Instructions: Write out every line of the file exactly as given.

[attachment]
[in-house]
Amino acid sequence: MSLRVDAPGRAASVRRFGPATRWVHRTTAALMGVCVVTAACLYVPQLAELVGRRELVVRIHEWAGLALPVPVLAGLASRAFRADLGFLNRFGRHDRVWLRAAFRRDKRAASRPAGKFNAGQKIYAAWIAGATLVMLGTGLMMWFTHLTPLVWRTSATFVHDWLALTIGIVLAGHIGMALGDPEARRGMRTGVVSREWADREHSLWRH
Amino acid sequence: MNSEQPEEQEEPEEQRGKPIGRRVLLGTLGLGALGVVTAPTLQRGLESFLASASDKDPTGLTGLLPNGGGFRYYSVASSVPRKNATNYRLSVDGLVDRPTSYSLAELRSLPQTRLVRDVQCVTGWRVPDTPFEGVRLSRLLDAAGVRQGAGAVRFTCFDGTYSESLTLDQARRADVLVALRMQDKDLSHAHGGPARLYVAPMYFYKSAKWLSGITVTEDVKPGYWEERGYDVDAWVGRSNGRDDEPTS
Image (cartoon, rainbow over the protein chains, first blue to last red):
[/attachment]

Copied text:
[in-house]
Amino acid sequence: MSLRVDAPGRAASVRRFGPATRWVHRTTAALMGVCVVTAACLYVPQLAELVGRRELVVRIHEWAGLALPVPVLAGLASRAFRADLGFLNRFGRHDRVWLRAAFRRDKRAASRPAGKFNAGQKIYAAWIAGATLVMLGTGLMMWFTHLTPLVWRTSATFVHDWLALTIGIVLAGHIGMALGDPEARRGMRTGVVSREWADREHSLWRH
Amino acid sequence: MNSEQPEEQEEPEEQRGKPIGRRVLLGTLGLGALGVVTAPTLQRGLESFLASASDKDPTGLTGLLPNGGGFRYYSVASSVPRKNATNYRLSVDGLVDRPTSYSLAELRSLPQTRLVRDVQCVTGWRVPDTPFEGVRLSRLLDAAGVRQGAGAVRFTCFDGTYSESLTLDQARRADVLVALRMQDKDLSHAHGGPARLYVAPMYFYKSAKWLSGITVTEDVKPGYWEERGYDVDAWVGRSNGRDDEPTS
Image (cartoon, rainbow over the protein chains, first blue to last red):